David Mutton is one of the founders of Land & Wave. His role within the company remains physically active and he’s acutely aware of how important good physical and mental health is to sustaining an outdoor career in your late 30s and 40s. Here’s the advice he wished he’d listened to in his younger years…
“I’ve been working in sport and outdoor adventure for 20 years now. It’s what I love doing. Next year I’ll turn 40 and if I was a professional sportsperson I’d be retired or sent to the scrapheap by now. Thankfully the outdoor industry is more forgiving and fingers crossed I hope that I have a few years in me yet.
When I first started this career, I didn’t appreciate or respect the importance of physical and mental health and its impact on my ability to do the job which pays the mortgage. I definitely wish I’d listened more carefully when my elders told me not to ‘lift that boat like that’ or ‘move that mess tent in that way’. I’m now involved in training new instructors and it’s so hard to get them to appreciate how important it is to look after themselves.
A few years back, the AAIAC produced the guide Surviving a Career in Adventure Activities; it’s a good read and one I’d recommend. That said, I think the title could be improved… rather than ‘surviving’ I think it’s vital that we ‘build’ a career in adventure activities and this involves promoting physical and mental health.
When I turned 35, I set myself the mental challenge of being fitter at 40 than 30. I’m never going to be a faster sprinter than myself at 18, or able to do as many days work back-to-back as a 20-year-old, but I’m so much more aware now of my strengths, abilities and what I have to do promote and maintain my health for working in the outdoors. Working smarter, not harder has to be the key as you get older. If you can get into this mindset from early on, then you’ll be on the right track for a long injury-free career.
Here’s some advice I wish I’d listened to earlier on in my career. Whilst I’m not expecting the young guns to take one bit of notice (!), I hope it plants the seed and gets people thinking about where they want to be in years to come:
1. Be pro-active
Regular exercise and activity has a way of uncovering weak areas of your body. Whilst it’s frequent in many sports settings to make provisions for predicting injury, it’s not so common for outdoor instructors or organisations. Considerations such as weak muscles, muscle imbalance or muscle stiffness have been shown to directly relate to muscle injury risk (1). Whilst it may seem expensive to receive medical guidance, such as regular physio appointments, it could cost you a lot more if you do get injured. Remember, you don’t have to be injured to seek training and medical advice.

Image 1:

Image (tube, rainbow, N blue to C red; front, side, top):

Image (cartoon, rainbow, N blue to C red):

2. Allow time for recovery
Whilst commercial pressures can make it difficult to allow time for recovery it’s important to plan this in to your schedule, particularly as you enter your 30’s and 40s. As we age, testosterone levels decrease. When you combine this with heavy endurance loads, then injury recovery times and increasing fatigue becomes a real issue. As a suggestion, some form of strength/resistance training has been shown to really help with levels of testosterone and lay the foundations for a healthy and active older age (2). Fundamentally, we all want to play as hard as we can for as long as we can. The simple message here might be to reduce your volume but maintain your intensity.
3. We’re born to move.
It’s no surprise that when outdoor instructors are promoted to management positions, then problems with their backs start to occur. Why? Well they suddenly go from being an active person day-in-day-out, to one that may spend half of their time sat down in front of a laptop. We’re born to move; the more we move, the more muscle we maintain and the better chance we have of maintaining our health. If you have to sit behind a computer for some of your time, make sure that you move around, set your computer up carefully and combine mobility training in to those days where your static.
David is a director at Land & Wave and works hard to stay fit and mobile for his physical role within the company. He’s still moving and hopes to do so for a good many years yet!
If you’re looking to move more in your career and are considering working in the Outdoor Industry, get in touch about our 15-week Outdoor Instructor Training course. We have people of all ages making the leap from a static career to an active one.
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26 November 2018 by David Mutton
Working smarter and not harder has to be the key as you get older. If you can get into this mindset early on, then you’ll be on the right track for a long injury-free career